Saturday, May 28, 2011

No Eggs, No Brood, No Queen!

Yesterday's visit to the beehive has taught me to expect the unexpected when it comes to these bees.  It seems they require more babysitting than a toddler!

I went down there with the plan to do an inspection, swap out some ratty old equipment for new stuff, place a grease patty and hopefully add a honey super.

They'd been a little quiet lately, not much activity visible from outside the hive.  A couple thumps on the side would produce a reassuring hum, so I tried not to worry about it too much.  On days that I can't get anyone to watch Ava, all I can do is thump 'em! 

We've had so much rain this spring.  Maybe 10 decent days out of the past 2 months or so.  They say not to work your bees after a thunderstorm because they'll be mean, but reflecting on that now, I wish I'd taken my chances.  The last inspection I got to do was 6 weeks ago.  Far too long to leave them alone.

I knew that they had tons of honey left over from winter, so I didn't worry about feeding them through those long weeks when they weren't able to fly.  They missed the dandelions, the apple and peach blossoms, half of the blackberry blossoms and sadly all of the black locust and most other tree flowerings.  It finally quit raining long enough for them to hit the nearby tulip poplars.  Most of the pollen I found inside looked to be tulip poplar.

Lots of yellow pollen, lots of stored nectar.  Old supercedure cell on the left center.

I expected there to be a very poor brood build up.

However, I did not expect there to be NO QUEEN.  No sign of her anywhere!  No tiny eggs, no capped or open larvae.  Nothing!  No evidence of laying workers either though...

Lots of empty cells.  No brood!

So, I looked everything over very well.  I don't believe there is any scary disease in the hive.  I saw just a couple of ants on the lid, no hive beetles, one propolis entombed wax moth... The workers looked pretty good.  No K-wing to indicate a heavy mite load, although I'll do a count now too.  Being that there is no brood, that should mess up the life cycle of the mites anyway.

She's just gone.  I did find a couple empty supercedure cells and two swarm cells that had been there awhile.  They superceded last year anyway, but I removed those.  These were in the other deep and they were very old (and empty.) 

The bottom deep was completely empty and I took advantage of that to remove it and get rid of some very messy and wild comb.  The upper deep was packed full of pollen and nectar, the two end frames being completely full of last year's honey and all other frames having varying amounts of old honey all contained in the back third of the frame.  When I do get a queen in there, they'll be ready for her.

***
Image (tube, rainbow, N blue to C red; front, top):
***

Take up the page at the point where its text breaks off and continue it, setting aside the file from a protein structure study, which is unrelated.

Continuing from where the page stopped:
Typical of all 10 frames, lots of stored food, no evidence of the queen.

Since there aren't any laying workers, I am going to give them a couple days and inspect again, just in case they have a virgin queen and she hasn't gotten started yet.  If still queenless, I will have to call a lady from my bee association and see if I can buy a queen from her pronto.

Between the rain, and now this, it isn't looking like I'll get to harvest any honey this year.  :(  I really need a second hive to work with.  If I could borrow some brood, I could have them back up and running very soon.


  1. I know this is a late response, but I have pretty much the same scenario with my two hives. I'm a public school teacher in New Jersey, and this is a school project. There were hatched queen cells in the weaker hive; probably a virgin queen not yet laying. What did you end up doing with the situation you describe?

  2. Hi Stephen, I finally ended up merging this hive with a small swarm that I was able to obtain. I hived them for a week first to see how the swarm's queen was doing and she was laying great, so I combined the two.

    I had inspected this queenless hive two more times prior and still there was no sign of eggs or brood. I couldn't find a queen, but perhaps I overlooked her. That was the part I couldn't understand. Why there wouldn't have been any laying workers? I don't know if that had to do with the timing of events; perhaps I lost the virgin queen or perhaps she was there long enough to supress the nurse bees with her pheromones who would have otherwise gone into laying? I'm not sure. The nurse bees may have outgrown that phase before it became a problem. My hive was queenless for about a month.

    Laying workers would have been a whole other problem to deal with.

    If you have a good hive that you can pull a frame of very young eggs from (under 3 days old) you can put that in there and they'll raise a new queen if you're willing to wait. But it's quicker to buy a new queen if you can. If you have a local bee club, they can probably put you in touch with someone who raises queens.

    I decided to do the merger instead because the small swarm was way too small to overwinter. This queenless hive had lots of stored pollen and honey. It was mutually beneficial for them both. :) I wrote about the merger here -

    Hope that helps and that you are able to get your hive back in business soon. Good luck!